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Baking Soda For Weight Loss: Does It Work? The Simple Guide 2024


Reviewed by Sarah Glinski, RD
baking soda for weight loss
Consuming baking soda before a workout can help reduce fatigue. Photo: Dragon Images/Shutterstock

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Baking soda is a kitchen staple with several uses that has recently become a focus of curiosity for its potential role in weight management. The idea that such a simple and common ingredient could also aid in shedding extra pounds is intriguing to many people. 

However, are these claims backed by research, or are they pure myth? 

Can we really use baking soda for weight loss, or should we add it to our list of foods to avoid?

Perhaps, the answer lies somewhere in between. 

In this article, we aim to clarify the mystery surrounding using baking soda for weight loss. We will explore the possible benefits and drawbacks of using it and the safest ways to incorporate it into your routine. 

Keep reading to gain a balanced perspective on this trending dietary supplement as we separate fact from fiction and address any safety concerns.

Is Drinking Baking Soda Good For Weight Loss?

While no concrete scientific evidence supports the claim that baking soda can directly aid in weight loss, research has shown that it can offer some indirect benefits when incorporated into your exercise routine. For example, baking soda can help reduce fatigue during high-intensity workouts, making it a helpful addition to your fitness regimen.

It is important to consult a healthcare provider before consuming baking soda for its health benefits due to potential adverse effects from excessive intake.

Baking Soda For Weight Loss: How It Helps

Baking Soda For Weight Loss: How It Helps
Consider adding baking soda before a workout. Photo: Creative Family/Shutterstock

Baking soda, also known as sodium bicarbonate, is a versatile product often praised for its practical benefits. From teeth whitening to general house cleaning, it has seemingly endless uses However, is there any correlation between baking soda and weight loss?

Not necessarily. 

There is limited and inconclusive scientific evidence to support the claim that it can help with shedding excess fat. may, however, have minor indirect effects on weight loss. In fact, ingesting too much baking soda can lead to severe metabolic changes[1] such as: 

  • Metabolic alkalosis (having blood that is too alkaline).
  • Hypokalemia (low levels of potassium in the blood).
  • Hypernatremia (high levels of sodium in the blood).
  • Hypoxia (low levels of oxygen in the blood). 

Therefore, your focus should be on proven strategies on how to lose weight. This means prioritizing a well-rounded, whole-food diet filled. Focus on including healthy unsaturated fats, high-quality protein, and limiting processed carbs. In addition, aim for a caloric deficit[2] of 500-1000 calories a day. 

It was previously believed that baking soda helps increase metabolism. However, there is little evidence to support this claim. One of the most effective and healthy ways to increase your metabolism is by maintaining a caloric deficit, incorporating healthy fats, and having a high-protein diet.

Numerous long-term clinical trials have demonstrated that having a high-protein diet[3] can help with weight loss and prevent weight regain by preserving lean muscle mass and boosting your metabolic rate. A high-protein diet includes at least 30% of your caloric intake from protein. Unlike baking soda, there is no evidence of any negative impact on kidney function, making it a healthy and safe option.

Interestingly, one of the lesser-known ways you can integrate baking soda to promote weight loss is in your exercise routine.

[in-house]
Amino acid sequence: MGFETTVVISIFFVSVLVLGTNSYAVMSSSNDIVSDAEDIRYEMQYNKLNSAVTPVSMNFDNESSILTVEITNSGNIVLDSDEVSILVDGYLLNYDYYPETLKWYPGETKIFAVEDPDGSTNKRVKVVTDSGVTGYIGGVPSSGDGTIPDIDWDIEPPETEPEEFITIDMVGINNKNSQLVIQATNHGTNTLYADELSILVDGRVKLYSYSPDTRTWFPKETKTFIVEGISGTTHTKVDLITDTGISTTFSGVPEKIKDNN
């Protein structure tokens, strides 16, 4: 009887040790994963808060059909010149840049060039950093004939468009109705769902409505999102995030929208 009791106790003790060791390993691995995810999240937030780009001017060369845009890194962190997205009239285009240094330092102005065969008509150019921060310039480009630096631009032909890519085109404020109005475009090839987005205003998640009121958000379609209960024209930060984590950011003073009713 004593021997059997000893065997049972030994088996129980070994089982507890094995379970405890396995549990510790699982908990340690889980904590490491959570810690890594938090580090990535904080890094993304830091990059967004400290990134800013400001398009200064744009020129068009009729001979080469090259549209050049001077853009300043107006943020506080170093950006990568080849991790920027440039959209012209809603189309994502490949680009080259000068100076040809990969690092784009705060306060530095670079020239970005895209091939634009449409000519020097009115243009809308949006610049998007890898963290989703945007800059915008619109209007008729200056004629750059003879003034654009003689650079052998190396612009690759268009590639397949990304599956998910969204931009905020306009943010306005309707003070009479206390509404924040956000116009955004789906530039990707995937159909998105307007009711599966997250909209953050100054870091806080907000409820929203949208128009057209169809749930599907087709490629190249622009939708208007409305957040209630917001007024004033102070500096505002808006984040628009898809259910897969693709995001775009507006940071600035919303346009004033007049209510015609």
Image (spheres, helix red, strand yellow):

Enhanced Exercise Performance

One way baking soda can indirectly prevent weight gain is by improving performance[4] for high-intensity exercise. The underlying mechanism is due to its alkaline nature. During intense exercise, muscles produce lactic acid and create an acidic environment. This acidity can contribute to muscle fatigue and general discomfort. 

Baking soda helps reduce fatigue by acting as a buffer and helps counteract the acidity that builds up in your muscles during exercise. This allows you to exercise harder and for longer. 

This buffering effect is particularly beneficial in activities that involve short, intense bursts of energy, such as sprinting or high-intensity interval training. Studies have shown that supplementing with baking soda[5] before these types of workouts can significantly improve your performance.

Additionally, you could combine a plant-based or whey protein powder before or after your workouts to give you an extra dose of protein to meet your dietary needs.

How To Use Baking Soda For Weight Loss

How To Use Baking Soda For Weight Loss
Baking soda can have minor indirect weight loss effects. Photo: NoirChocolate/Shutterstock

Baking soda recipes should not be used with the intention of direct weight loss. That being said, baking soda appears to have benefits regarding exercise endurance which can lead to successful weight loss. 

If you’re looking for a way to suppress your appetite, consider adding another supplement to your diet.

You may also have seen advice for adding baking soda to coffee for weight loss; however, no scientific literature supports this claim. 

Baking soda should be consumed in extremely small amounts and adequately diluted. A common guideline is a one-quarter teaspoon of baking soda mixed in with a glass of water, lemon juice, or apple cider vinegar. 

Lemons and apple cider vinegar are known for their acidic properties, which can help neutralize baking soda’s alkaline properties. However, it’s important to be aware that the acidic nature of these substances can harm tooth enamel if not used properly. 

To avoid potential damage, mixing the vinegar or lemon juice with water is recommended. This will ensure you can enjoy the benefits of these natural remedies without negative side effects.

Again, due to limited evidence, it may be best to avoid such mixtures before further evidence arises. 

Is Drinking Baking Soda Safe For Weight Loss Safe?

While baking soda is generally considered safe, consuming it excessively or inappropriately can pose some health risks. Additionally, there is no proven connection between consuming baking soda and weight loss, either before or after.